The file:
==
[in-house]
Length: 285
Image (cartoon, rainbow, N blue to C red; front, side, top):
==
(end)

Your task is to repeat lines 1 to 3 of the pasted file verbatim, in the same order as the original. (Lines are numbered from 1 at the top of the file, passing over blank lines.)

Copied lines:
[in-house]
Length: 285
Image (cartoon, rainbow, N blue to C red; front, side, top):